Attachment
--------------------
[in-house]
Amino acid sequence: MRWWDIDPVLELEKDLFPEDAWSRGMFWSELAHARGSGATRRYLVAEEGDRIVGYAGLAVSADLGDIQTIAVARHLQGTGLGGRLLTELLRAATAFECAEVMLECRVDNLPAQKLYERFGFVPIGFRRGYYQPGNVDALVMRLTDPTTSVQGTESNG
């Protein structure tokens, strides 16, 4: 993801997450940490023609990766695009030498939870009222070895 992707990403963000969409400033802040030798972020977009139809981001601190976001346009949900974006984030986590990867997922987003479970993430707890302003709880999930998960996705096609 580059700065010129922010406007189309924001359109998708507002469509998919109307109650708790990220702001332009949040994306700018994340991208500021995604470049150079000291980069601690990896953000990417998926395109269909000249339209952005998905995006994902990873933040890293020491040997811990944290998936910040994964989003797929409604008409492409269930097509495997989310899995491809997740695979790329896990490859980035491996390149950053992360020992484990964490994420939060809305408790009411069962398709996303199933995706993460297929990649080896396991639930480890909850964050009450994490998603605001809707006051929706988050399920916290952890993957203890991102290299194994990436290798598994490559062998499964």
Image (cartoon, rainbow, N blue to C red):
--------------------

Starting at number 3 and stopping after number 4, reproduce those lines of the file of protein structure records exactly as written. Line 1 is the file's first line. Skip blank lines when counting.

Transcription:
């Protein structure tokens, strides 16, 4: 993801997450940490023609990766695009030498939870009222070895 992707990403963000969409400033802040030798972020977009139809981001601190976001346009949900974006984030986590990867997922987003479970993430707890302003709880999930998960996705096609 580059700065010129922010406007189309924001359109998708507002469509998919109307109650708790990220702001332009949040994306700018994340991208500021995604470049150079000291980069601690990896953000990417998926395109269909000249339209952005998905995006994902990873933040890293020491040997811990944290998936910040994964989003797929409604008409492409269930097509495997989310899995491809997740695979790329896990490859980035491996390149950053992360020992484990964490994420939060809305408790009411069962398709996303199933995706993460297929990649080896396991639930480890909850964050009450994490998603605001809707006051929706988050399920916290952890993957203890991102290299194994990436290798598994490559062998499964």
Image (cartoon, rainbow, N blue to C red):